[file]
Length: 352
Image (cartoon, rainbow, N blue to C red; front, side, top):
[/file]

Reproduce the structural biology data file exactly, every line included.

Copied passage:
Length: 352
Image (cartoon, rainbow, N blue to C red; front, side, top):